We think these errors call for a reversal of the judgment and the granting of a new trial.

There were also some errors in the allowance of extras, regardless of the form of the complaint. A few of these errors will be noted.

Extra item No. 14 (reference being to plaintiff's bill of particulars) was allowed at seventy-five dollars, although plaintiff's own proof was that it was only thirty-five dollars.

Extra item No. 49, allowed at eighteen dollars and ninety cents, was for changing door hinges which plaintiff's own witness admitted "made a noise" and "were not in good adjustment, and they were replaced."

Extra item No. 38 was allowed at nine dollars. This was for six hours' time of a carpenter, at one dollar and fifty cents an hour, in setting two door "checks." Plaintiff's only proof that it took six hours to do the work was that the carpenter "turned in" that much time. These door "checks" or stops are installed by fastening with a few screws. Plaintiff's evidence is that defendants furnished them at their own expense and that plaintiff had one of its carpenters attach them. One of defendants swore that she saw the carpenter do the work and that it engaged his time for twenty minutes. It is inconceivable that it required anything like six hours for such a trifling bit of work.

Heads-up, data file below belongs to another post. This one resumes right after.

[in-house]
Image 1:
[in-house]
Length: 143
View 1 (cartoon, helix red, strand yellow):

Furthermore, considering that plaintiff drew the contracts here involved, and prepared the plans and specifications, we think that several items of extras were allowed on insufficient evidence. Questions were bound to arise as to whether certain things were within the specifications or extras. If they are to be classed as extras and allowed on oral waivers of the provision for written orders for extras, the evidence ought to show with reasonable clearness that defendants consented to regard them as extras and agreed to pay for them.

Let us look at the proof to support the claim of oral consent to some of the extras. Take extra items Nos. 19, 20 and 22, that refer to work in connection with the electric wiring. Plaintiff's witness says that he had a talk with defendants about a "transformer house, tin-clad door for same and building same." Defendants claim that these things were included in the contract and are not proper extras. Plaintiff's only proof to support a claim that defendants consented to treat these items as extras is as follows: "Q. Tell us what talk you had. A. The transformer house had to be built. Mr. Drefs talked it over with me and told me to build it. I cannot tell the exact words."

Upon this testimony three extra items, of seventeen dollars and forty cents, seventy-five dollars and sixty-five dollars and fifty cents, were allowed, a total of one hundred and fifty-seven dollars and ninety cents.